We were on our way to Sacramento, I trip we had often made to resupply the stand, when dad was pulled over for a routine traffic stop. New Mexico had issued a warrant for his arrest and our time together was near its end. Fearing that they would put me into the system he called a nearby friend, he hardly knew, and pleaded with him to watch me until he could get things straightened out.

The friend reluctantly went along, bringing me back to his tiny pad above a business. I was offered a small closet for a room and he tried to be accommodating although he was obviously not prepared, nor wanted to be. Food was scarce, I remember his fridge had a jar of mayonnaise and a beer in it.
I don't really remember what sparked me running away from here. I do remember feeling I had a better chance of survival on the streets.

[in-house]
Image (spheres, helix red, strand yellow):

the first few days went ok. I would go to grocery stores and tell them our family was moving and we needed boxes and as I made my way through the store with a couple of empty boxes I would grab some food and hide it in them. I remember the first day sitting beside this building near the store tearing at the bounty I had procured with such haste and jubilation. It was the best I had eaten since being separated from my father.

Inside I am not really sure what I was thinking, just that I had survived and that I could survive. I awoke each day with two thoughts in mind; finding food and where I would sleep that night.

A few days later the instinctual joy of survival would be challenged. I had took a short cut through an alley partially in the hopes of finding that nights hiding place. When two kids a little older than me popped out in front of me angrily asking me what I was doing in their alley. Before I knew it one had beat me to the ground and was on top of me smashing my head into the cement.